10. FYI, 2nd generations of the Dreem and Philips sleep enhancing headbands announced/shown at CES this week: https://www.usatoday.com/story/tech/columnist/2019/01/08/sleep-tech-ces-2019/2505688002/ ...along with a new 3rd sleep enhancing headband called Urgonight from another French startup, this one interestingly designed to be used during the day in order to enhance slow-wave sleep at night. The USA Today article I happened upon didn't include references to scientific studies supporting the idea the way a post from Michael would. 🙂
  11. Great find Michael---thanks for sharing. All cause mortality would be nice instead of just CVD. Is there a price in terms of increased diabetes or dementia, or increased death from infectious diseases?
  12. kpfleger

    Cadmium contamination in cacao products

    It's true that I expect both the bad heavy metals and the good flavanols to vary and CL doesn't explicit address this variability that I noticed. I'm sure it's expensive to run the lab test and thus to test everything multiple times to get a range would be harder. It'd be nice if they tested some example products multiple times (eg buying national brands in different geos and over different seasons and showing a distribution to get a sense of the kind of variability) but I haven't seen it if they have done this. Still, they do often test the same products in different years and I trust them a lot more than I trust some customer service representative from Trader Joe's. In fact, they tested Trader Joe's unsweetened powder and found it exceeded acceptable thresholds in both 2014 and 2017 (1.2+ mcg cadmium / g of powder both years). I don't know what their quoted "ppm" means in this context but either it's a misleading metric or their quality control isn't as good as the rep claims. Navitas Naturals nibs only had 0.32mcg/g of cadmium. Since Trader Joe's 85% bar had 0.73mcg/g (vs Endangered Species 88% with 0.06mcg/g and several other bars with low levels), this doesn't seem to be an issue isolated to their powder. I personally will stay away from Trader Joe's branded chocolate, at least until they improve on future updates of these reports.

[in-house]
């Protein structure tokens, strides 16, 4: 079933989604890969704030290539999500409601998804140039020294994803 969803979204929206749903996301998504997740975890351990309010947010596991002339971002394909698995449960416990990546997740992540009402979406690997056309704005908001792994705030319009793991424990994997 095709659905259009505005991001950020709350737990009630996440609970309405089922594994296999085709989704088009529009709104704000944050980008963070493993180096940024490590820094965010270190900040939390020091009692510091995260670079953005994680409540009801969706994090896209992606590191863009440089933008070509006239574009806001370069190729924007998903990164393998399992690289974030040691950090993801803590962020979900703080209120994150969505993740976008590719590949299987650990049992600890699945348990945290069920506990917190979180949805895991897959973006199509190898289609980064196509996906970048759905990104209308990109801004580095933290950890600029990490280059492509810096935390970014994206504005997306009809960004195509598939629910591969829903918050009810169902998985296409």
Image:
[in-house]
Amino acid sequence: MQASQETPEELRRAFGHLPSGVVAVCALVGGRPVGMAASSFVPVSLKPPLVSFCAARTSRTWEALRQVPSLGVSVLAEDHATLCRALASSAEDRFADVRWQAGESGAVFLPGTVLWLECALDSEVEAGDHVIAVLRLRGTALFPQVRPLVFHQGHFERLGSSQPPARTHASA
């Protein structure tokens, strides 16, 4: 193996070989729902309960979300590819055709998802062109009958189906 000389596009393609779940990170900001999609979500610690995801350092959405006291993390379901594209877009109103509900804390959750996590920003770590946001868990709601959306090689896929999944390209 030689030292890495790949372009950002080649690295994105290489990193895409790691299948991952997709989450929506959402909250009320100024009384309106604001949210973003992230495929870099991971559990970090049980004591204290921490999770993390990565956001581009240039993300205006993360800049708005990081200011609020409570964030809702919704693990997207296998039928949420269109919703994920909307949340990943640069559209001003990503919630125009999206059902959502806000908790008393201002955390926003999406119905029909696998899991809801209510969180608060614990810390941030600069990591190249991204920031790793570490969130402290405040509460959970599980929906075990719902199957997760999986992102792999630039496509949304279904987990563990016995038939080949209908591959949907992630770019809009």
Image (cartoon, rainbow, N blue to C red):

13. One more with evidence of making flu vaccine more effective: ginseng: https://www.ncbi.nlm.nih.gov/pmc/articles/PMC3659611/ (but also a study just in mice) Still, add this to AHCC and Rapamycin (and maybe fasting/CR). And probably sleep around the immunization is important too though I haven't seen a study on that, but intuitive given the other reading on sleep and immune system. Note: Timing is different for each of these. Eg, AHCC was given for a few weeks after immunization vs. Rapamycin was given for weeks but stopped 2 weeks before vaccination.
  14. I believe the science showing immune boosting of healthy sleep (equivalently the immune compromising of lack of sufficient sleep) is more compelling than for cold exposure, and probably more compelling than for exercise, so I'd put the list as healthy diet & sufficient sleep, then moderate exercise, then if you want to include it (not a topic I've dived into personally yet) cold exposure. Eg, see the sleep book I recommended IIRC in another thread recently: Why We Sleep by Walker. But it's probably easy to find primary studies too.
  15. I read a bit about why it didn't work in previous years. The short version is that it has live but weakened viruses, multiple strains. They have to carefully balance the strains so that some don't get outcompeted in the body and thus not provide protection by not being present in sufficient number for an immune response to be learned. For a few years one of the strains got out of whack and outcompeted some or all of the others. They think they've fixed this and the CDC is convinced this year based on data so far, but the AAP is not convinced and wants to wait until the data is more numerous and so these 2 orgs recommendations don't agree on this form of the vaccination this year. But even AAP agrees that the mist is better than not getting either form.